Data were analyzed using a one-way (treatment) or two-way (pretreatment × treatment) ANOVA, followed by a post hoc pairwise multiple comparison using Fischer's LSD test if the interaction was significant. All data are presented as means ± SEM. Differences were considered significant if the probability reached a level of 0.05 or less.
Tat induces depressive-like behavior in C57BL/6J mice in the absence of sickness
Mice were treated with i.c.v. PBS or Tat (40ng). At 24 h post Tat, sickness and depressive-like behavior were assessed by body weight loss and FST, respectively. Consistent with our previous findings , the 24 h changes in body weight did not differ according to treatment (Figure 1A, p > 0.05). Tat-treated mice displayed increased immobility in the FST at 24 h post-treatment compared to control mice (Figure 1B, p < 0.05).
HIV-1 Tat induces biochemical markers of inflammation-associated depression in murine OHSCs
We recently found that central injection of HIV-1 Tat (40 ng) increased brain IDO and cytokine steady-state transcripts at 4 h . Here we determined whether the expression of IDO and cytokines response to Tat occurs in murine OHSCs as it does in the CNS in vivo. Based on the in vivo response to central injection of Tat , the time point of 6 h was selected for carrying out dose-response experiments to determine the effect of Tat on cytokine and IDO expression. Slices were exposed to 4, 40 and 400 ng/slice of Tat on day 10 in culture. As shown in Figure 2, Tat significantly increased TNFα, IL-6 and iNOS at the mRNA level (p < 0.05) in a dose-dependent manner, with a maximum at 400 ng/slice. Tat-induced increases in TNFα and IL-6 mRNA expression were paralleled by a concomitant increase in protein production (Figure 2, p < 0.05). Increased iNOS mRNA was not associated with any detectable increase in nitrite levels at the 6 h time point (data not shown). Induction of SERT mRNA reached a maximum at 4 ng/slice (Figure 2, p < 0.05).
For kinetic studies, OHSCs were exposed to 40 ng/slice Tat for 2, 6 and 12 h on day 10 of culture. As shown in Figure 3, the greatest expression of both mRNA and protein for TNFα occurred at 2 h (p < 0.05) and 6 h (p < 0.05), respectively. IL-6 mRNA peaked at 6 h (p < 0.05) and gradually decreased at 12 h. IL-6 concentration in the culture medium increased after 6 h (p < 0.05) and reached a maximum at 12 h (p < 0.05). iNOS and SERT mRNA increased at 6 h (p < 0.05) and peaked at 12 h (p < 0.05), but there was no concomitant increase in nitrite levels at any time point (data not shown). We also used real-time RT-PCR to determine whether Tat induces IDO steady-state transcripts in OHSCs as it does in vivo. To determine an optimal dose for Tat-induced expression of IDO, OHSCs were treated with 4, 40 and 400 ng/slice of Tat for 6 h. As shown in Figure 4A, IDO mRNA expression could be detected at 4 ng/slice Tat and peaked at 40 ng/slice Tat (p < 0.05). Kinetic studies were then carried out in which OHSCs were exposed to Tat (40 ng/slice) for 2, 6 and 12 h. As shown in Figure 4B, IDO mRNA could not be detected in OHSCs prior to addition of Tat (40 amplification cycles). However, IDO expression was significantly induced by Tat at 6 h (p < 0.05) with no further increase at 12 h. This effect was similar in intensity to that of exogenous IFNγ (10 ng/ml, Figure 4C, p < 0.05). Moreover, pretreatment of OHSCs with the same dose of IFNγ 24 h before Tat markedly amplified IDO responses to Tat (Figure 4C, p < 0.01). However, the Tat-induced expression of IDO did not require endogenous synthesis of IFNγ because no IFNγ mRNA could be detected at 6 h in Tat-stimulated slices (40 amplification cycles, data not shown).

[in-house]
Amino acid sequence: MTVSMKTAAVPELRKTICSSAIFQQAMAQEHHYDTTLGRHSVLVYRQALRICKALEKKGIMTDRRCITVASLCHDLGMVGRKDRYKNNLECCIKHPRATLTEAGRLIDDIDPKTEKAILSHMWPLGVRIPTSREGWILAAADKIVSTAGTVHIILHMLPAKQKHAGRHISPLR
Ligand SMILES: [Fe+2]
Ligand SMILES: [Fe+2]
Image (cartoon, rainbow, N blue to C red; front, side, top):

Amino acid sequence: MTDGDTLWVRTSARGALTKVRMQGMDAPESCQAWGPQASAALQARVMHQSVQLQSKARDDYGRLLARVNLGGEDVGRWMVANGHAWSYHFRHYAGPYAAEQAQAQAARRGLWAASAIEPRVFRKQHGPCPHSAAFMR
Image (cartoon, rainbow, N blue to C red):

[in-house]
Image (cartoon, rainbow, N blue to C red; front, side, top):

p38 MAPK is required for HIV-1 Tat-induced IDO expression
In accordance with the results of others on the effects of Tat on p38 MAPK in various cell types [32–36], we confirmed that HIV-1 Tat can activate p38 MAPK in OHSCs. Slices were treated with Tat for 15, 30, 60 and 120 min respectively and the lysates were analyzed for phospho-p38 activity by Western blot analysis. We found that Tat induced significant phosphorylation of p38 MAPK as early as 15 min (Figure 5A, p < 0.05) with a maximum at 60 min (Figure 5A, p < 0.05).